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History of Doors

According to old evidences the painters made the doors on the paintings of Egyptian tombs. Then the Egyptians manufactured the silver and iron bar doors. In the 6th century, Bethlehem church’s doors were plated with bronze. In 12th century, Notre Dame has made the most beautiful door of the France. The doors of two types made for mosques in Cairo, outer doors were made by using metals, bronze and iron and inner doors were made with wood. The most ancient doors were of wood, specially made for King Solomon’s temple being in olive wood, which were carved and covered up with gold. Doors of wood would come out about 3 inches wide, but the hanging style was more than 14 inches width. All antique doors were hanged by axles at the peak and foot of the hanging stile which worked in gaps in the beam and ledge, the latter beings always in some hard stone like basalt or granite.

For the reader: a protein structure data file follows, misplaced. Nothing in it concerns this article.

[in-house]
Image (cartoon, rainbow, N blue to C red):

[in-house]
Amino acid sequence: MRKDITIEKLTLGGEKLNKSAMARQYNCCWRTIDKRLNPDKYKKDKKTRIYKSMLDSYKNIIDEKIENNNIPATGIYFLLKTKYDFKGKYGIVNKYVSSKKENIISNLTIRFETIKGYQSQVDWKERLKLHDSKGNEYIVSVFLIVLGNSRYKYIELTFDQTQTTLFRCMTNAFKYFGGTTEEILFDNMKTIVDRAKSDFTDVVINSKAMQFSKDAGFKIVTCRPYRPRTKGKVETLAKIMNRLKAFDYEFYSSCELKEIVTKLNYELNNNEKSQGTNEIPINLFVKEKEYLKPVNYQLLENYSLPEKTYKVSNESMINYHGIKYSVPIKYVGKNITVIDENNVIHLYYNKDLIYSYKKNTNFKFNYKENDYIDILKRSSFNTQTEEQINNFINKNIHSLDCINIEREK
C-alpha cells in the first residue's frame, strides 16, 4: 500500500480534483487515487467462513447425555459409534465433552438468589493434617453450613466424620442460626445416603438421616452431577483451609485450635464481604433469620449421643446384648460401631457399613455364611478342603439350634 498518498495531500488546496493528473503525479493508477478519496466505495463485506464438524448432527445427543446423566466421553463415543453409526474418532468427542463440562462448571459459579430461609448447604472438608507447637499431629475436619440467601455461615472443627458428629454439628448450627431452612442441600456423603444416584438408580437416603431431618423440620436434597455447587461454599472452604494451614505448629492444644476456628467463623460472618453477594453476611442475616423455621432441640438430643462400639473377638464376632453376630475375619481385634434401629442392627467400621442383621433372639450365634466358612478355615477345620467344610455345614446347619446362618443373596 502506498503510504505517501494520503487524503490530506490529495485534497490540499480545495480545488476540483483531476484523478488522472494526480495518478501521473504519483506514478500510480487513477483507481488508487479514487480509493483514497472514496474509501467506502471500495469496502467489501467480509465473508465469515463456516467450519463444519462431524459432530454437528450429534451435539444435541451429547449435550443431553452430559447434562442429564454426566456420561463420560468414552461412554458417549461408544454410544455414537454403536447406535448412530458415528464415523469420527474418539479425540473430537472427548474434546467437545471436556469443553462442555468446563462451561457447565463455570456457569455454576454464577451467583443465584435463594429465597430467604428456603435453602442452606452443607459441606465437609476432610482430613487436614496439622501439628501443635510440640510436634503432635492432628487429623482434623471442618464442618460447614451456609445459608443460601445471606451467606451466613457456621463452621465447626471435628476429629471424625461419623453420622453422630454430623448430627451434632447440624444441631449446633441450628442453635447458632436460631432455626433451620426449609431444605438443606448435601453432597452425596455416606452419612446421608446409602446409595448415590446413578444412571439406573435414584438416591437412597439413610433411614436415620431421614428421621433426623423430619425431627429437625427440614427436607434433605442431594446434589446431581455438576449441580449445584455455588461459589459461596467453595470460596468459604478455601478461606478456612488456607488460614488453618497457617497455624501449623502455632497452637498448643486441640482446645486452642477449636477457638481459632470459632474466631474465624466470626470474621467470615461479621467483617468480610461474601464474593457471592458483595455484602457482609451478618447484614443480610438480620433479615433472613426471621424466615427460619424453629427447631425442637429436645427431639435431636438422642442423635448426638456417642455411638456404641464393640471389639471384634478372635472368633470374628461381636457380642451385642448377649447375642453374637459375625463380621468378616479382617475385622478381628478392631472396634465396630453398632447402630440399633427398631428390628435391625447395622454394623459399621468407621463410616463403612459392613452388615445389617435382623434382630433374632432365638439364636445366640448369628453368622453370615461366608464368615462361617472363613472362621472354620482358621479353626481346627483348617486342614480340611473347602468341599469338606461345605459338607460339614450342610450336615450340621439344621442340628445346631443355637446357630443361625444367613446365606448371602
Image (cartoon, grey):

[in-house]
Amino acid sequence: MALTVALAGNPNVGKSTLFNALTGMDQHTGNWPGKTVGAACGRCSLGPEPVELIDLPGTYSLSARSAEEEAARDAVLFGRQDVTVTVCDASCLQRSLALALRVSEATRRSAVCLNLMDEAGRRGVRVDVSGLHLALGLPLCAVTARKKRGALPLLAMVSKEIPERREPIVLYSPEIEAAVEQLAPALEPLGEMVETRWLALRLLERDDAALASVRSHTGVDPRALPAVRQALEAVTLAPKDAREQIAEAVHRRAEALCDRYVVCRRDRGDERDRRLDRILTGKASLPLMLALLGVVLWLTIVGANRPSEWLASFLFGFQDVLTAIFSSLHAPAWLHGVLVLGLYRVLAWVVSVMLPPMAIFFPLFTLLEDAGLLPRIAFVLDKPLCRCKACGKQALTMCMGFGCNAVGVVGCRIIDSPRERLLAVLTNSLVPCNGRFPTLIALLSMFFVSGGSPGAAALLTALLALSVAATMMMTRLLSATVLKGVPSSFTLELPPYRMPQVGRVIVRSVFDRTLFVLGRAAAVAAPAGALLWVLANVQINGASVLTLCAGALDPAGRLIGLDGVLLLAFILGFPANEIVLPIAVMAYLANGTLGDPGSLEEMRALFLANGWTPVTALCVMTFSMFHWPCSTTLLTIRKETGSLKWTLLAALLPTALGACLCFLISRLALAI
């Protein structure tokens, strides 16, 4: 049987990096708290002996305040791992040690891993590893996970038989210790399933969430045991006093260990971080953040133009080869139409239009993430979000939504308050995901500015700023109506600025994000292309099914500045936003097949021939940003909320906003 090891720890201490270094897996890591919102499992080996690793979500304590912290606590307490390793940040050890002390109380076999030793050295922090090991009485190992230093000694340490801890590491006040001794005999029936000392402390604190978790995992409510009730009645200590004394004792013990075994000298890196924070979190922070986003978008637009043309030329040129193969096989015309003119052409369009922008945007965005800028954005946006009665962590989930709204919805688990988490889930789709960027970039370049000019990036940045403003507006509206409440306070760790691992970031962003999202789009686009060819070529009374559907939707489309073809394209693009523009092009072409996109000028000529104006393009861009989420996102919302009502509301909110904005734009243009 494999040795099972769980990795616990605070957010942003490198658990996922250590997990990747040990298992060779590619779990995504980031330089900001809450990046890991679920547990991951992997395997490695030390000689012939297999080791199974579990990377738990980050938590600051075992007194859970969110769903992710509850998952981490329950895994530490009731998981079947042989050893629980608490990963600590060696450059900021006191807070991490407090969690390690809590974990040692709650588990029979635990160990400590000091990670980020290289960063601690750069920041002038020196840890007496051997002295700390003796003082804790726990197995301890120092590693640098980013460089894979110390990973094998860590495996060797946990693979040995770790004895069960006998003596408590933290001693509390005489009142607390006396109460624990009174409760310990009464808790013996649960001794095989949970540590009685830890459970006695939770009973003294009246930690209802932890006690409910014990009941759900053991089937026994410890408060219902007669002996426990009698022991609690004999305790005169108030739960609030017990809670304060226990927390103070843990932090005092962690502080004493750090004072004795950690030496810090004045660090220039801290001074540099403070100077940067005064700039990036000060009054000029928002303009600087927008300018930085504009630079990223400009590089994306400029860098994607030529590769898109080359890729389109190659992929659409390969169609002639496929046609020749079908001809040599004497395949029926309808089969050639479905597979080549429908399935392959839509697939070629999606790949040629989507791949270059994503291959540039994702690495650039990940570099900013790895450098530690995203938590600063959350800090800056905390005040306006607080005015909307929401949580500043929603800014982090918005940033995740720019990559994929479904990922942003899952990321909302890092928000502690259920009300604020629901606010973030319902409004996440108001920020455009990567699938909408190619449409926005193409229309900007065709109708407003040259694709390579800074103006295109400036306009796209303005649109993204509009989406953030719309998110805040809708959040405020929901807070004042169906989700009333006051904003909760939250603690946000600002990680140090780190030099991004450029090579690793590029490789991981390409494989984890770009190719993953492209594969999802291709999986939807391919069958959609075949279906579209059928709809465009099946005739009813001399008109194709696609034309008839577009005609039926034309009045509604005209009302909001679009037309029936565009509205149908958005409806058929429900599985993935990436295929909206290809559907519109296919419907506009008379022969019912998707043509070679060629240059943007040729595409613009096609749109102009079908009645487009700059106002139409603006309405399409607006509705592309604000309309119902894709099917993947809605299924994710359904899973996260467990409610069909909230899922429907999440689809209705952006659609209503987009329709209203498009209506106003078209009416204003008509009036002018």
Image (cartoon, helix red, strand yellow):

On 2000 B.C. in dolerite many doors were found at Nipper by the Dr. Hilprecht. Very old Greek and Roman doors were of unusual styles like single doors, double doors, or folding doors. The doors of the church of the confinement at Bethlehem (6th century) are wrapped with plates of bronze, cut out in different designs. In the 11th and 12th century there are several bronze doors to be found. In the resurgence period the Italian doors are very simple, their designers were more credulous to the doorways for effect; but in France and Germany the divergence is the case, the doors being ornately engraved. Door panels were lift up with bolection patterns in England in 17th century.

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